The soul of a city
Anger, hope, and joy echo through outstanding New Orleans drama ‘Treme’
“It sounds like rebirth,’’ says Davis McAlary, a pot-smoking New Orleans bohemian with an ear cocked to the window.
But three months after Hurricane Katrina, this character in HBO’s marvelous new series “Treme’’ is not referring to the sound of FEMA helicopters or presidential apologies. He’s listening to the brass section of a ragtag parade in the distance, the voice of his city starting to emerge from the damp. For Davis, for the others who were not displaced after the storm, rebirth in New Orleans is about hearing that old, music-drenched, booze-soaked spirit in the streets again, marching on.
Played like a big restless kid by Steve Zahn, Davis is one of the many waiting souls in “Treme,’’ which is from the makers of “The Wire.’’ Named after a New Orleans neighborhood, “Treme’’ is a moody, textured portrait of a community waiting for relief from despair. The show, premiering Sunday at 10 p.m., is fixed in that precise moment when the shock has passed, and the loss remains — that day when your friends go home after the funeral and you need to drag yourself back to life. The drama’s ambience, its sense of rudderless drifting in the wake of the flood, is perfectly gauged melancholy.
There are so many positive things to say about “Treme’’ (pronounced treh-MAY), I hardly know where to begin: with the seamless acting, the outrageously good music, the sensuous cinematography? This is the kind of TV that viewers ask for but rarely get, driven by characters who are more than the sum of one or two qualities and who harbor depths that are revealed slowly, subtly, and authentically. Native son Davis, so shallow and self-consciously kooky at first, takes on new facets with each episode until you can clearly see glimmers of his great integrity. “Treme’’ gives us people who are complicated enough to crave help from the rest of America and yet, ultimately, hate getting it.
Co-executive producers David Simon and Eric Overmyer evoke a world that has the potential to become as far-reaching as the Baltimore of “The Wire.’’ The pair, who also worked together on “Homicide,’’ bring us into many particular corners of New Orleans society: the gloomy barroom run by Ladonna (Khandi Alexander), who is trying to find her missing prisoner brother; the popular reopened local restaurant owned by Janette (Kim Dickens) that’s in financial ruins; the untouched home above the damage where Tulane professor Creighton (John Goodman) gives angry interviews about government ineptitude to NPR.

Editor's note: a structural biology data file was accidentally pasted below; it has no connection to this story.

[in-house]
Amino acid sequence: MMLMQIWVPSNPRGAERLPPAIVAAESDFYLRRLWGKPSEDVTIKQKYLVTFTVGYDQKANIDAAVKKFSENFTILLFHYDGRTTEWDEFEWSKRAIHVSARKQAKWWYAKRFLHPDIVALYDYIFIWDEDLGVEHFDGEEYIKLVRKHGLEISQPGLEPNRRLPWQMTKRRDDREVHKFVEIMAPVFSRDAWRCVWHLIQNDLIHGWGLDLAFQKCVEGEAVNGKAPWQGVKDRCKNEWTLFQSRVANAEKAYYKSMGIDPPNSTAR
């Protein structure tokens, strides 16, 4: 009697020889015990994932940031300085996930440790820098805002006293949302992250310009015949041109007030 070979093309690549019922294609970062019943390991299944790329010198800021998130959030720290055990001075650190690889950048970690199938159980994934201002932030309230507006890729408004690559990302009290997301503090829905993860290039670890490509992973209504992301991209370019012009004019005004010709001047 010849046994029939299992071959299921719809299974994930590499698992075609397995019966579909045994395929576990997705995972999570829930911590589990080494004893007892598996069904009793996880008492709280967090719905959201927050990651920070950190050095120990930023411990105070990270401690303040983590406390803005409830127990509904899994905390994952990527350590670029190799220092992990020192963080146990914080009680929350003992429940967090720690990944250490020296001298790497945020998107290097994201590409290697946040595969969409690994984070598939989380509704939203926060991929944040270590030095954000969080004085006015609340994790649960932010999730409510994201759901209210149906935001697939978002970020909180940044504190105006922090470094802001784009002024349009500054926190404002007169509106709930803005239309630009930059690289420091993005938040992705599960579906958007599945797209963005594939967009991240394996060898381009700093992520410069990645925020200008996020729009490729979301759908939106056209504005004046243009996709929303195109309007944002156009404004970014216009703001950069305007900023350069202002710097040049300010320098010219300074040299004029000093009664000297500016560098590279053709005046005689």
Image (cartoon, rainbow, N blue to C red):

Two of the more arresting characters in the large ensemble are played by “Wire’’ actors. Wendell Pierce, who was Bunk, is heartbreaking as Antoine, Ladonna’s ex-husband and a trombonist who gigs for cash. He’s grieving for his marriage, he’s grieving for his city, he’s grieving for his once-vital career. He wanders the town carrying his horn — his “bone’’ — like a sweet lost dog, drunkenly singing with a pair of street musicians in one inspired scene. Antoine embodies both the late-night romance of a life steeped in New Orleans music and that life’s early-morning hardships and compromises.
Clarke Peters, who was Lester on “The Wire,’’ plays Albert, a Mardis Gras Indian chief hoping to reunite his tribe. While Antoine tamps down his anger, Albert lets his seep out and, in one stunning scene, burst forth. Since his son and daughter have abandoned New Orleans, Albert is disappointed by the younger generation; he is bent on staying put to rebuild. Peters is a magnetic presence, with his guarded, brooding face and starkly dramatic singing.
The most consistently compelling character in “Treme,’’ though, has to be the music. This is a series about a city defined by its musical culture. The street-corner players, the freewheeling parades and funeral marches, the sweaty bar jams — here they are what will ultimately save New Orleans. Simon and Overmyer include lots of live music, so you can see and feel where the city’s hope and joy live. The guitar-playing is raw and clear in the mix, the horns are bright and ecstatic. Performed by stars including Allen Toussaint and Dr. John, local heroes such as trumpeter Kermit Ruffins, and fictional characters, the soundtrack is inseparable from the story. Meanwhile Davis, a reverential music fan, spends a few comic hours in a bar trying to say a single word to Elvis Costello, who sits watching Ruffins play.
The storytelling style of “Treme’’ is both loose and expertly structured; it’s a gathering of discrete plots that sometimes overlap. The show has both the sense of sprawl and the intimate focus on individual characters that have distinguished Robert Altman films such as “Nashville’’ or “Short Cuts.’’ A few times in each episode, the narrative spell of “Treme’’ is abruptly broken when Simon and Overmyer co-opt a character to make a point about the aid disaster. There’s a difference between a character’s rage and authorial rage — and occasionally, usually during Goodman’s rants about how “the flooding of New Orleans was a man-made catastrophe,’’ “Treme’’ sloppily blurs that line.
“The Wire’’ similarly exposed America’s systemic failures, but with a more controlled ironic sensibility. “Treme’’ is an openly emotional piece of work, filled with sorrow, passion, pity, didacticism, and love for New Orleans. Instead of comparing it to one of the most revelatory crime series of all time, hold “Treme’’ up beside almost every other show on TV and listen closely. You’ll hear a sound that moves you.